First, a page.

Editor's Notebook

A questionable economy

The phone rang Thursday evening and a recording asked: Are you satisfied with the direction the province is going?


Dana, who answered, was asked to press 1 if she was satisfied with the direction and 2 if she was not. She hung up because she had no idea which direction the province was going. And now we’ll never know what the remaining questions of the poll were.


Does anyone know the direction the province is heading? Are we heading left, right, east, west, north or south?


I believe the answer is none of the above. The province, as the song, Sixteen tons, goes, is just another day older and deeper in debt. Tennessee Ernie Ford made the song a #1 hit 60 or so years ago.



This is a great time to be a canine.


Man and dog have been hanging together for thousands of years but in the past few decades the dog has been elevated to a God-like status.


I was reminded of this the other day when my pregnant daughter phoned from the west. She said she had spent the day picking up the winter production of their two retarded (my words) dogs from the backyard.

So, two dumb dogs have trained an Ivy League grad to pick up after them.


You can see similar behaviour any day of the week by simply looking out the window. You’ll see people walking their dogs, baggies in hand, picking up after their pets. I was even in on the act on the weekend, as we “dog sat” Josh’s dog.

Don’t be fooled

There are reports that a provincial election campaign is underway.


At least the antics of the three provincial party leaders would give you that impression.


They are going from city to city, from photo op to photo op making grandiose promises and predictions.


Premier Kathleen Wynne has said high speed rail service is coming to London. How many times have you heard about high speed rail in the last 30 years? She’s promising to spend and spend some more and at the same time bring the deficit down to zero in a couple of years.



Events of the past week or two suggest honour is a thing of the past.


Donald Sterling, owner of the Los Angeles Clippers of the National Basketball Association (NBA), had an argument with his concubine a few weeks ago. Their private conversation became public and Sterling became a pariah on the world stage for the comments he made about African-Americans.


Toronto mayor Rob Ford’s “friends” have a tendency to video his antics while he’s under the influence of drugs and then they try to sell the videos to news outlets. Friends like Ford’s you don’t need.


Saying nothing

Politics in this country seems to get more depressing by the day.


In Kincardine, we have a mayor conducting business without first getting the approval of council. At the last meeting, Kraemer told council he asked Guy Anderson if he would be interested in replacing former councillor Ron Coristine.


Anderson, a former councillor and currently a member of the Penetangore Regional Economic Development Corporation (PREDC) board and the Kincardine Tourism Table, is no doubt qualified. However, Kraemer overstepped his bounds. The matter, as councillor Maureen Couture, pointed out, should have been discussed by council before the mayor started speaking to people. The decision is council’s to make, not the mayor’s.


A crafty beast

In the book, 100 Mistakes that Changed History, chapter 42 is entitled, Destroying the Environment.


Author Bill Fawcett takes a look at what changes occur when a seemingly good idea alters the ecosystem of an entire continent.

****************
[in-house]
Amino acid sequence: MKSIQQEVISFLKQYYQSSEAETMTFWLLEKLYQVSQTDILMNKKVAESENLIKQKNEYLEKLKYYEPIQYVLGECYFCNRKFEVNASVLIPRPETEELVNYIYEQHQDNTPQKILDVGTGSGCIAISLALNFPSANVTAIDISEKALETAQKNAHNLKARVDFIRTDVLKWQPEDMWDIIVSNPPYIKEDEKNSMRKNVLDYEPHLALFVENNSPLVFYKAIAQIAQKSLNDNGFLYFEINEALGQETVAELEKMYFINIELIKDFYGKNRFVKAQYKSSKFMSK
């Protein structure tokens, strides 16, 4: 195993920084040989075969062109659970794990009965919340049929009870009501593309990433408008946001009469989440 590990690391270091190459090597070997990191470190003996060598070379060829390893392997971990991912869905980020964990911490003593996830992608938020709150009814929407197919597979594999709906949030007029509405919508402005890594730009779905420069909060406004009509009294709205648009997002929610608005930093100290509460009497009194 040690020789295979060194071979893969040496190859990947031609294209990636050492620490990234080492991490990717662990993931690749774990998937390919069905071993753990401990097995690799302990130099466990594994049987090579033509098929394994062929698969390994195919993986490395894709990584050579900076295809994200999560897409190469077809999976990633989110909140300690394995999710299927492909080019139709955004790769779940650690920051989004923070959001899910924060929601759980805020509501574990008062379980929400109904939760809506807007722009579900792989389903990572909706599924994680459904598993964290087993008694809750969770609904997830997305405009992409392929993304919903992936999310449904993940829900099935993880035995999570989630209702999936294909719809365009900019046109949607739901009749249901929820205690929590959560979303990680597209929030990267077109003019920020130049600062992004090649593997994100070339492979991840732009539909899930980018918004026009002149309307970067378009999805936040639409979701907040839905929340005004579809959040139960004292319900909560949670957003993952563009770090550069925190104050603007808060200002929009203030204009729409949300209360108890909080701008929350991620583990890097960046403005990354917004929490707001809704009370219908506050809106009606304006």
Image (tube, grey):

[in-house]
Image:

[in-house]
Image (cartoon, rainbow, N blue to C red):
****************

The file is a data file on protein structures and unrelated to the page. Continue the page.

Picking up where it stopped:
When English sportsman Thomas Austin arrived in Australia to make a new life, he was sorely disappointed – he had no rabbits to hunt.


He had 24 rabbits shipped from England to his home and said: what harm could 24 rabbits do? The trend caught on and other hunters parroted his words: what harm could a few rabbits do?

Having your cake

I’m surprised that councillor Jacqueline Faubert is dead against a Bell Mobility tower on Kincardine Legion property.


Bell Mobility told council last week that the tower is needed to serve cellular customers downtown and in the area of Station Beach.


If memory serves correct, Faubert is very supportive of Team Kincardine’s push for better cellular service downtown and at the beach.


You can’t have your cake and eat it too.




Smoke and mirrors

The theatrical season appears to have opened early in Kincardine.


A one act play was staged at the beginning of the council meeting Wednesday.


In many ways, it was a smoke and mirrors production featuring Ron Coristine. At the start he was a councillor, at the end he was an ex.


Coristine’s soliloquy began with a listing of his accomplishments and his devotion to bringing jobs to the community. The turning point came with a spirited declaration; he said there would be no conflict of interest if he stayed on as a councillor while holding his new job of executive director of PREDC.


The smell test

Do you want to sell the Brooklyn Bridge or lease some office space?


See Kincardine council.


We hear talk of “due diligence” from politicians but that seems like a foreign concept around here.


Due diligence was nowhere in sight when it came to council’s deal to rent space downtown for a tourist booth that will be shared with the BIA, the Chamber of Commerce and PREDC.



I got a kick out of listening to Kincardine councillor Jacqueline Faubert’s report on the off-leash dog park.


She told council that KinDOG members want more ways to enforce the rules at the dog park.


I have news for the councillor - most people in Kincardine would like to see all the bylaws in the municipality enforced.


Blind you must be if you know not that bylaws are rarely enforced.